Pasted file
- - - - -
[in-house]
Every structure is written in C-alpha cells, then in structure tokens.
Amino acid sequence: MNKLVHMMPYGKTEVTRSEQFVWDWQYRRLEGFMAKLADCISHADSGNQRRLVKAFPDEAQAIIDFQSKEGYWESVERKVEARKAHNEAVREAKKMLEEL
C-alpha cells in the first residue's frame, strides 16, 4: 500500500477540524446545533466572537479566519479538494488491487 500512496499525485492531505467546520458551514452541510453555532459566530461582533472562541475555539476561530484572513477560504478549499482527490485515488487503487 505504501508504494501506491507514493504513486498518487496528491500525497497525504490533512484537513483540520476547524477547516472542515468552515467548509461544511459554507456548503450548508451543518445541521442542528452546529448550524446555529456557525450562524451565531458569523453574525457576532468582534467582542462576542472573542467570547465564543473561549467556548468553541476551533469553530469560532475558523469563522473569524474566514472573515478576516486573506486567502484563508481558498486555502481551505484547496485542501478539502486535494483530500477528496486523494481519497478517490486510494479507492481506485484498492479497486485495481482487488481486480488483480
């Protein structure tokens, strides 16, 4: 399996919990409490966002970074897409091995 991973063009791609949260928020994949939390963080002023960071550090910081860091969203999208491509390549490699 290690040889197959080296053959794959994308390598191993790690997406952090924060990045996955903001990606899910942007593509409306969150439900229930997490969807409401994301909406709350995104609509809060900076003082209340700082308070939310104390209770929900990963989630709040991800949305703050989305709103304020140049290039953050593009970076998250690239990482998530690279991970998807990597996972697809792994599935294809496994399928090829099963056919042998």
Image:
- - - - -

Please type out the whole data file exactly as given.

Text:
[in-house]
Every structure is written in C-alpha cells, then in structure tokens.
Amino acid sequence: MNKLVHMMPYGKTEVTRSEQFVWDWQYRRLEGFMAKLADCISHADSGNQRRLVKAFPDEAQAIIDFQSKEGYWESVERKVEARKAHNEAVREAKKMLEEL
C-alpha cells in the first residue's frame, strides 16, 4: 500500500477540524446545533466572537479566519479538494488491487 500512496499525485492531505467546520458551514452541510453555532459566530461582533472562541475555539476561530484572513477560504478549499482527490485515488487503487 505504501508504494501506491507514493504513486498518487496528491500525497497525504490533512484537513483540520476547524477547516472542515468552515467548509461544511459554507456548503450548508451543518445541521442542528452546529448550524446555529456557525450562524451565531458569523453574525457576532468582534467582542462576542472573542467570547465564543473561549467556548468553541476551533469553530469560532475558523469563522473569524474566514472573515478576516486573506486567502484563508481558498486555502481551505484547496485542501478539502486535494483530500477528496486523494481519497478517490486510494479507492481506485484498492479497486485495481482487488481486480488483480
């Protein structure tokens, strides 16, 4: 399996919990409490966002970074897409091995 991973063009791609949260928020994949939390963080002023960071550090910081860091969203999208491509390549490699 290690040889197959080296053959794959994308390598191993790690997406952090924060990045996955903001990606899910942007593509409306969150439900229930997490969807409401994301909406709350995104609509809060900076003082209340700082308070939310104390209770929900990963989630709040991800949305703050989305709103304020140049290039953050593009970076998250690239990482998530690279991970998807990597996972697809792994599935294809496994399928090829099963056919042998």
Image: